Pity the world’s tourism boards. Around the world, these agencies are tasked with summing up in just a few words and in several languages an entire country’s wonders.
While a slogan usually takes a back seat to other drivers of tourism—attractions, favorable exchange rate, Instagram cachet (I’m looking at you, Kyrgyzstan)—it can help change a country’s image.
El Salvador has used the slogan “The 45-minute country” to tout the short distances between attractions in the small Central American country. But its current official slogan is “El Salvador: Impressive.”
Some slogans aim to change a country’s image. Colombia in 2007, for example, debuted the slogan: “The only risk is wanting to stay.” The words, meant to reassure travelers nervous about the country’s decades-long internal war and drug trafficking, apparently worked; tourism has boomed since then.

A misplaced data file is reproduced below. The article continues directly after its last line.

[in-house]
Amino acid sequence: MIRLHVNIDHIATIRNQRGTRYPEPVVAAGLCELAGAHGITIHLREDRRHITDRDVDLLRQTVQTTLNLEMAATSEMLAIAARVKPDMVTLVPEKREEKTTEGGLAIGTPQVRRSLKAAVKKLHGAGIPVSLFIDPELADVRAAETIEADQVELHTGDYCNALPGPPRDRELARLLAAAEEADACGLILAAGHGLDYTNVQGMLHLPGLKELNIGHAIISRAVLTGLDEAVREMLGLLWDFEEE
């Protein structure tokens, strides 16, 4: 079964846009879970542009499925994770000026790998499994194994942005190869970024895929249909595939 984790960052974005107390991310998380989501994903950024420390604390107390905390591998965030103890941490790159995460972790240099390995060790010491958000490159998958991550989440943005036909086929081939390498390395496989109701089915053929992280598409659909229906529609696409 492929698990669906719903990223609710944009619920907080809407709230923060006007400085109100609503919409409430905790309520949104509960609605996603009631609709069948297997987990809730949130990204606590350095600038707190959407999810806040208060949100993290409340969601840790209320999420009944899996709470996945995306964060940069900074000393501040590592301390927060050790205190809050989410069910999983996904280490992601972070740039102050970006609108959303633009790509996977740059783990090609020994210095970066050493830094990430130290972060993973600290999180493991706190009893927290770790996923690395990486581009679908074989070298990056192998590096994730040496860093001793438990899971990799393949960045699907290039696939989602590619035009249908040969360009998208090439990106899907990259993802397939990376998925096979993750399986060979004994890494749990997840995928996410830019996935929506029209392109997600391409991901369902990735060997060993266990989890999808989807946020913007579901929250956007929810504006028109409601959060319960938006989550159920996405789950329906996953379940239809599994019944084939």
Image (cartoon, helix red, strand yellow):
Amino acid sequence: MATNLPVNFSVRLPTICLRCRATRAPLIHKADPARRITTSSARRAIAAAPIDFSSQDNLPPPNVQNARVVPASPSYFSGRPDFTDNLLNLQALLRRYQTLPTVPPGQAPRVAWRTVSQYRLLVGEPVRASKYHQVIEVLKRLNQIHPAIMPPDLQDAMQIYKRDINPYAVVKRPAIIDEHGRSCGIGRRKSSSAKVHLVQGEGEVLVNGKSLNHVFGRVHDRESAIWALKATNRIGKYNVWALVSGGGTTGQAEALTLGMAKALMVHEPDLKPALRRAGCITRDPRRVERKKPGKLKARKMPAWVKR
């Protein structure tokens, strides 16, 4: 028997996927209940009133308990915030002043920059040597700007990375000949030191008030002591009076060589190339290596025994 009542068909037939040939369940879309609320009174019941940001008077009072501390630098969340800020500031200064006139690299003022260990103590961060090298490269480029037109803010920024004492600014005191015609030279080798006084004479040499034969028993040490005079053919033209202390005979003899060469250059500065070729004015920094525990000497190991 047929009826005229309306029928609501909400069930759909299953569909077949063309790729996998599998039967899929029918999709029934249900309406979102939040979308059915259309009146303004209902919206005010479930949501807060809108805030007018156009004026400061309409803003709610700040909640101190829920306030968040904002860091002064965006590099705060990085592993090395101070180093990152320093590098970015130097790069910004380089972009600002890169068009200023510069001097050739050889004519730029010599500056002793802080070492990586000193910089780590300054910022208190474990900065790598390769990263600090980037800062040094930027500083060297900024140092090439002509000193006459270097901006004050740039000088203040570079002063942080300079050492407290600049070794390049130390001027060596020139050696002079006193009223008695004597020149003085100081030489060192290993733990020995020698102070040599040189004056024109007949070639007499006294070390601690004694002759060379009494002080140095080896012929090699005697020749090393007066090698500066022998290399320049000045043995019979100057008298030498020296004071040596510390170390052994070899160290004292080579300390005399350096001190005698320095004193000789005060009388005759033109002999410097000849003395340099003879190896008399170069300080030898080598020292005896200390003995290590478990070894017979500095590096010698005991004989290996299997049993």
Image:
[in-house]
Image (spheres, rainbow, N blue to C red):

Others lean on alliteration—”Epic Estonia,” “Beautiful Burundi,” “Incredible India,” “Brilliant Barbados,” or “Live, love, Lebanon.”
Bold claims are popular: “The Dominican Republic has it all,” “All you need is Ecuador” and “There’s nothing like Australia.” ”Unique, original!” beckons tourists to Nicaragua. Oman tells travelers: “Beauty has an address.”
Others are more understated: “Yes, it’s Jordan.” Uganda’s is simply “You’re welcome.”
Here is Family Break Finder’s map of all the world’s slogans.